Anthologies also appear to be the preferred format in Spanish, a language in which there are, however, relatively few translations of Zanzotto’s work. A selection of his poetry, Del Paisaje al Idioma. Antología poética, with a “self-portrait” of the autor, was published in South America in 1996, edited and translated by Ernesto Hernandéz Busto (Universídad Iberoamericana-Artes de México, Colonia Lomas de Santa Fe – Colonia Roma). More recently, in 2011, an anthology of his poetry, La muerta tibiez de los bosques. Poesía selecta, translated by Mara Donat and Giampiero Bucci, and a selection of his prose, El (necesario) mentir. Prosa selecta, translated by Eduardo Montagner Anguiano and Giampiero Bucci), were published in Spain, both by the Madrid publishing house Vaso Roto Esenciales.

Zanzotto’s translators are often scholars who have studied his work or they tend to collaborate with such scholars, almost as if the translation of Zanzotto’s poetry, with its rich literary heritage, is itself a form of critical analysis. In addition to the English and Spanish scholars who translated Zanzotto’s work, there is also the Estonian translator, Maarja Kangro, who translated an anthology of his work (Hääl ja tema vari. La voce e la sua ombra, Itaalia keelest tõlkinud Maarja Kangro. Eesti Keele Sihtasutus, Tallinn, 2005).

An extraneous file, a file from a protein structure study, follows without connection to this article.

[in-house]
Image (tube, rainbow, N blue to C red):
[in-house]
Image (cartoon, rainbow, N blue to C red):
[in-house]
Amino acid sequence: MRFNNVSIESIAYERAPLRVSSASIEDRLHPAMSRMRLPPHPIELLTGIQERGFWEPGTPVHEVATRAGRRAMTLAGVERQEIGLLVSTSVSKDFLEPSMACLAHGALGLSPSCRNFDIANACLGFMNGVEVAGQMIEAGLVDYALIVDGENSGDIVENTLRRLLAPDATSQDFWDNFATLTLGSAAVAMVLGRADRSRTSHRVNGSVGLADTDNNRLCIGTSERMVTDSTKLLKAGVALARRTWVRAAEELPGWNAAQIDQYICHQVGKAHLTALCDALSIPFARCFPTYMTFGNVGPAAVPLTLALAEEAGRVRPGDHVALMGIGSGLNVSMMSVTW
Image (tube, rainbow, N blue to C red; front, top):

The languages in which, currently, there are the most complete collections of Zanzotto’s poetry are German and French, both languages of special importance for the poet. German was the language of two great poets, Fredrich Hölderlin and Paul Celan, who were authentic guiding stars for Zanzotto, while French was a more familiar language for the poet, being spoken at home as both Zanzotto and his father had lived as emigrants in the French-speaking part of Switzerland. French was also the language Zanzotto translated from for Mondadori and Rizzoli, publishing houses for whom he occasionally acted as an adviser. Moreover, French was the language of the culture Zanzotto was, undoubtedly, closest to and paid greatest attention to, as can be seen from both his early symbolist and surrealist inspirations, and the clear influences of the philosophical, historical and linguistic changes that swept through France in the 1960s and 1970s, which are particularly evident in his more experimental works from Beltà (1968) onwards.